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Track saw crosscut jig

Author: Steve Der-Garabedian
Photos: Steve Der-Garabedian
Published: June 2024
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This simple jig will make your track saw even more accurate and functional in a small shop. It also allows you to make crosscuts and mitre cuts on small stock.

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For some woodworkers, the increasingly popular track saw is their power saw of choice, choosing to forego a table saw alto­gether. While my table saw is still the main saw in my shop, I’m glad to have my track saw on hand, too. I use it mainly for veneer work, though it’s also a useful power tool for a wide range of other operations. I decided I would extend its usefulness even more by mak­ing this jig.

The main purpose of this jig is to allow you to cut smaller pieces with a track saw while doing it safely. If a workpiece is long enough to grasp with your hands while you’re cutting it, great. If not, a pair of wedges will keep the workpiece stationary while the cut is being made.

In use, the workpiece gets positioned against the rail that’s away from the user, as the rotation of the blade will keep it pressed into that far rail.

Veneer the Rails
In order to add a bit of thickness to the rails and increase the thickness cutting capacity of this jig, Der-Garabedian added a layer of veneer to both faces of the blank he will use to make the two rails. This allows him to cut material slightly over 3/4" thick with ease.

Veneer the Rails

Drill for Screws
Pilot holes and countersinks will ensure the rails are joined to the base properly and the heads won’t protrude above the rails and interfere with the track.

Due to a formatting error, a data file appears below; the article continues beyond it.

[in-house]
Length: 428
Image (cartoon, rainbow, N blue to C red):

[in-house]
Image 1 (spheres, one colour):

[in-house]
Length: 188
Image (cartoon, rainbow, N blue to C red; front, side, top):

Drill for Screws

Mark for a Mitre Cut
Der-Garabedian uses a square to help align the track at a 45° angle so he can start to lay out where the bench dog holes should be located.

Mark for a Mitre Cut

Mark for the Straight Cut
Once the mitre line has been marked onto both the near and far rails, Der-Garabedian adds a pair of lines perpendicular to the far rail. There will only be three bench dog locations: two close to the user and the third in the rail on the far side of the jig. Der-Garabedian starts by marking the centre point of the nearest rail, directly over where the mitre line is on that rail. He can then transfer the line to the distant rail to mark the third bench dog hole.

Mark for the Straight Cut

All Marked Out
The bench dog locations are now marked; two on the rail nearest the user and one on the distant rail.

All Marked Out

Accuracy Is Critical
Ensuring the three bench dog locations are precisely marked and bored is important. Once they’re marked, use an awl to create a centre point you can use to align the drill bit.

Accuracy Is Critical

Drill Press
A drill press will help you create clean bench dog holes perpendicular to the surface of the workpiece.

Drill Press

Glue the Rails
With the rails marked to ensure they will get attached in the correct locations, add some glue to them and screw them in place.

Glue the Rails

Locate the Other Screws